Presentations (Communicative Events)

Integrating Conceptual and Empirical Studies of Data to Guide Curatorial Processes

Palmer, Carole L.; Chao, Tiffany C.; Weber, Nicholas M.; Sacchi, Simone; Wickett, Karen M.; Renear, Allen H.; Baker, Karen; Thomer, Andrea; Dubin, David

Two research teams within the Data Conservancy ( project are investigating different aspects of scientific data curation. Data Concepts is developing a conceptual model to foster shared understanding of identity conditions and representation levels for data sets. Data Practices is conducting qualitative studies of data production and use in the earth and life sciences, analyzing curation needs, cultures of sharing, and re-use potential across disciplines. This poster will illustrate the integration of results from three phases of research to develop a more comprehensive and practical analysis of fundamental aspects of data curation. • Phase 1, Data Concepts team - Preliminary framework for definitions of “dataset” based on review of technical documentation and scientific literature, to support curation and integration of data across disciplines. Found four common features across definitions--grouping, content, relatedness, and purpose, elaborating each based on evidence from the literature. • Phase 2, Data Practices team - Conceptual mapping of data characteristics, data practices, and curation activities, consisting of approximately 145 terms. Emphasizes relationships between data practices and curatorial activities for application to description and assessment of curation services. • Phase 3, Data Practices team - Analytic potential concept developed as a theoretical approach to assessing the value of data beyond its original intended use. Extends Hjørland’s (1997) notion of “epistemological potential”, acknowledging the essential condition of preservation readiness and two key interrelated factors, potential user communities and fit for purpose. We will demonstrate how the Phase 1 framework has been tested and extended based on empirical data and analysis from Phases 2-3. In particular, we show how scientists’ practices and ideas about meaningful units of data adhere to and diverge from the framework’s conception of “grouping”. We also identify and discuss additional elements of “purpose” needed to inform the curatorial processes of selection and appraisal and set curation priorities for making data fit for long-term use.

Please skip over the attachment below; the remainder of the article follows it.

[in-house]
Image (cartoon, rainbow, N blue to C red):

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More About This Work

Academic Units
Libraries and Information Services
Published Here
September 1, 2016


Presented at the 2012 ASIS&T Research Data Access and Preservation
Summit. 22–23 March, 2012, New Orleans, LA